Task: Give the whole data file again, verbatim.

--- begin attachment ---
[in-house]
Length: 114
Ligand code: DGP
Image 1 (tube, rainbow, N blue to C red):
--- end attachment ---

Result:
[in-house]
Length: 114
Ligand code: DGP
Image 1 (tube, rainbow, N blue to C red):